UC Davis brewing legend Charlie Bamforth has been honored this year with not one but three of the most prestigious global awards in his field.
In May, the Brewers Association (small and independent craft brewers) presented its Recognition Award to Bamforth. The award is given each year to an individual whose inspiration, enthusiasm and support have contributed to the craft brewing movement. Indeed, the association declared on its website, Bamforth has “trained a generation of brewers as an author, mentor, leader, teacher, professor (and) beer enthusiast.”
In August, the “Pope of Foam” will receive the Master Brewers Association of the Americas’ Award of Honor, presented to a member who has delivered significant contributions to brewing science, technology and operations.
Finally, the Institute of Brewing and Distilling in London has selected Bamforth for the institute’s highest honor, the Horace Brown Medal, given “for eminent services on the scientific or technical side of the fermentation industries.” The award will be presented in London in September.
“I feel truly honored to be the recipient of these awards,” Bamforth said. “I would like to think that they recognize my readiness over my 40 years in the industry to do whatever I could internationally to contribute to the science of brewing, the education of brewers and the improved understanding of beer as a worthy component in society.”
Jaroslav Trnka, assistant professor of physics, has been awarded the Young Scientist Prize in Particles and Fields by the International Union of Pure and Applied Physics in recognition of his “creative and impactful contributions.”
The award cites Trnka’s discovery and exploration of new physical and mathematical principles underlying the dynamics of particle scattering amplitudes in a wide range of theories.
Trnka is a founding member of the Center for Quantum Mathematics and Physics at UC Davis. His research focuses on the development of new methods for calculating scattering amplitudes of elementary particles.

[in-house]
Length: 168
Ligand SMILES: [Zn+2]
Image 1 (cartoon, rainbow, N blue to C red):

Alexander Aue, professor of statistics in the College of Letters and Science, will be inducted next month as a fellow of the Institute of Mathematical Statistics, after being nominated for his “significant contributions to time series, structural break analysis, and for dedicated professional service and mentoring.”
The induction ceremony is scheduled for Monday (July 2) during the institute’s annual meeting, which is being held in conjunction with the 12th International Vilnius (Lithuania) Conference on Probability Theory and Mathematical Statistics.
The IMS has 3,500 active members throughout the world, of whom about 10 percent have earned the status of fellow.
Frank Zalom, integrated pest management specialist and distinguished professor of entomology, has been named editor-in-chief of the Journal of Economic Entomology, published by the Entomological Society of America.
The journal presents research and other articles on the economic significance of insects and includes sections on apiculture and social insects, insecticides, biological control, household and structural insects, crop protection and forest entomology.
The society’s governing board approved Zalom’s appointment to a five-year term as editor. He succeeds UC Riverside Professor John Trumble, who is stepping down after 20 years in the post.
Economic Entomology is the largest of the Entomological Society of America’s family of journals, and, according to the society, the most-cited entomological journal.
United Cerebral Palsy of Sacramento and Northern California recently honored Ann Madden Rice, chief executive officer of UC Davis Medical Center, as UCP Humanitarian of the Year. The award presentation took place at gala that raised more than $250,000 for children with developmental disabilities including autism, intellectual disability, Down syndrome, epilepsy and cerebral palsy.
Katharine Burnett, a faculty member and founding director of the university’s Global Tea Initiative, recently won the title of Best Tea Health Advocate of 2018, among the World Tea Awards sponsored by and presented during the World Tea Expo, a trade show.
Burnett, an associate professor of art history, was among the featured speakers at this year’s expo. She addressed the topic, “Expanding the Understanding of Tea Through a Global Perspective.”
UC Davis established its Global Tea Initiative for the Study of Tea Culture and Science in 2016, during a symposium. Annual symposia have been held since then in 2017 and 2018.
The initiative is a global, transdisciplinary teaching, research and outreach effort for tea and tea-related studies in the humanities, arts, social sciences, agriculture and health. This year’s symposium included a talk titled, “Why Are Tea Drinkers So Healthy?” by Robert Hackman, a research scientist in nutrition at UC Davis.
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